Forecasting international tournaments is tricky, because it’s difficult to robustly assess the relative strengths of the competing teams. Unlike league football, we only have a small sample of recent international matches to use for analysis – and these are far from perfect, because of the differing strengths of opponents, the mix of competitive and friendly matches and changes to team and squad composition.
For previous tournaments I’ve analysed the strength of every player in every squad, based on their club form and the strength of that club’s league, to create overall team ratings. However, I don’t have time to do that this year. So I’ve searched for different sources of easy to use data to compile team strength rankings.
I started with each team’s goals and shots record over the last 12 months. This gives information about attacking and defensive strength, and also the type of team tactics (i.e. are they an attacking or defensive team?). However, this is of limited value for the reasons articulated in the first paragraph. So I’ve also used FIFA rankings and Transfermarkt squad values to enhance the ratings. I’ve used this to provide overall attacking and defensive strength, as follows:
|Rank||Team||Goals For||Goals against||Difference|
I realise these ratings aren’t perfect and in an ideal world I’d be incorporating far more information – but I think they give a reasonable assessment.
I’ve then used these to simulate the results for each match in the tournament using the model I’ve used for previous Euros and World Cups. For each tournament simulation I’ve assumed these are a central estimate of each team’s attacking and defensive strength – but the strengths are normally distributed with a standard deviation of 0.3. So in each simulation, teams have different strengths. The result of each match is randomly generated, based on team strengths and an assumed average goals scored in each round (these are based on analysing previous tournaments).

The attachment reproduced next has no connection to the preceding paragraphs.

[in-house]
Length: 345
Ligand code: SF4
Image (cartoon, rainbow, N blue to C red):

|Round 1 group stage||2.43|
|Round 2 group stage||2.52|
|Round 3 group stage||2.63|
The third match in the group stage tends to have more goals as there is often greater incentive for teams to get a certain result. For knockout stages the simulations also include the possibility of extra time and penalties.
I normally incorporate a home team advantage of 0.40 goals for the hosts (by adjusting both teams’ goals) but for Euro 2020 there isn’t a single host – also home advantage may not be as strong due to limited capacities. So I’ve used an arbitrary adjustment of 0.2 goals for teams playing at home. This is where England have the strongest potential advantage, because if they top their group and progress to the final, then they will play all but one game at Wembley.
The overall results based on 5000 simulations are as follows: